The EU is closely intertwined with the global economy and one of the largest trading zones in the world. A strong, open and competitive single market enables both EU and foreign companies to compete vigorously on a global scale. The EU is pursuing a model of open strategic autonomy by shaping the system of global economic governance and developing mutually beneficial bilateral relations, while protecting its internal market from unfair and abusive practices.
On 5 May 2021, the European Commission published a proposal for a regulation on foreign subsidies distorting the internal market, aiming at solving possible distortions caused by foreign subsidies, especially in acquisition, public procurement and other aspects of the market. This article briefly introduces the key issues.
Q: What are foreign subsidies?
A: Foreign subsidies are measures of support provided by non-EU governments to companies operating in the EU. They can take many forms, such as capital injection, grants, loans, securities and public revenues forgone in the form of tax incentives. Foreign subsidies may bring unfair advantages to beneficiaries and disturb the level playing field among companies in the EU internal market. Foreign subsidies in private procurement and those for large undertakings distort the internal market, to the detriment of competition.
Q: What are the distorting effects of foreign subsidies on acquisitions?
A: A potential short-term consequence of the subsidies is that non-subsidised companies may pay excessively for acquisitions. Public institutions may provide funds to a company at a price lower than the market price, or directly acquire it through equity participation, while non-subsidised companies will face “stricter” budget restrictions when raising funds to complete an acquisition. The negative impact on the internal market caused by this crowding-out effect may far exceed any benefits such as income premium for producers. Research shows that the unfair competition environment caused by subsidies may eventually lead to increased market concentration.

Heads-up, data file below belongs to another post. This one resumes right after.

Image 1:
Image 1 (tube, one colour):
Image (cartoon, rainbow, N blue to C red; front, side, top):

Q: What are the distorting effects of foreign subsidies on public procurement?
A: The EU’s public procurement accounts for more than 14% of its GDP, amounting to about USD2.1 trillion. The market is well supervised at EU and national levels to ensure three key principles: equal treatment, non-discrimination and transparency. These principles aim to achieve a competitive, open, value-for-money procurement market for the public sector and ultimately for taxpayers. The negative consequences of distortion in public procurement caused by subsidies mainly include the following:
(1) The most destructive consequence is that a bidder who has not received subsidies offers the most economically advantageous bid in other ways, but loses business opportunities only because competitors benefit from foreign subsidies and gain advantages to obtain public contracts. This leads to direct damage to the resources and business of bidders that have not received subsidies. In the long run, the loss of specific contracts may cause competitors that have not received subsidies to be unable to compete on an equal footing, and the unfair competition environment may hinder bidders that have not received subsidies from participating in the competition.